Ecosystem restoration strengthens pollination network resilience and function

Kaiser-Bunbury et al. 2017. Ecosystem restoration strengthens pollination network resilience and function. Nature 542,223–227

Figure 1 from the paper. The island of Mahé with study sites and pollination networks (for more details see the paper itself).


Kat Raines

I chose this article as it merges my past and present research areas. I currently work in radioecology, focussing specifically on pollinators in Chernobyl but previously I worked for three years in the Seychelles archipelago on invasive species projects focussing on everything from plants to mammals. I thought this paper looked interesting (although slightly out of my research field) and attempted to answer some of the big questions relating to ecosystem restoration in response to the removal of invasive species.

The aim of this paper by Kaiser-Bunbury et al. is to examine whether ecosystem restoration through the clearing of invasive plant species affects pollination networks. This study was undertaken as a community field experiment on the island of Mahé, Seychelles. The Seychelles archipelago is ideal to conduct invasive species projects as it is relatively isolated from other islands and main land Africa and Mahé offers mid altitude inselbergs as discrete sites from which 8 were selected for this study. Half the inselberg sites were cleared of invasive species and therefore referred to as restored and compared to sites that had not been restored. They found that restoration markedly changed pollinator numbers, behaviour, performance and network structure.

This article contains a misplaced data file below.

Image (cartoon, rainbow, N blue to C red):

The authors noted that the removal of dense thickets from the restored sites could have had an effect and we wondered exactly how much this would affect pollinator’s ability to even see flowers and whether it was then appropriate comparing sites with dense vegetation to sites with a greater number of clear areas therefore increasing the visibility of flowers.

This study found that interactions in restored networks were more generalised and therefore indicate higher functional redundancy therefore making these networks more robust. This concept was a main point in the discussion for the group as we debated whether it was better to have a high number of specialised pollinators or whether it was better to be more generalised and to what extent this matters on an isolated island with a high number of endemic species. It has been shown that specialist species suffer from habitat loss the most and tend to go extinct first whereas more generalised species are more robust therefore increasing the ecosystem’s resilience. We also wondered if these findings could be extrapolated and applied to other regions and habitats as increased pollinator interaction is obviously a very important outcome for ecosystem restoration.

In conclusion we enjoyed the paper and were impressed with the amount of effort that went into data collection for the plant-pollinator networks. Ecosystem restoration is a powerful tool in conservation but it is relatively unknown what the effects of restoration are on ecosystem functions so this paper is a notable addition to that knowledge base.

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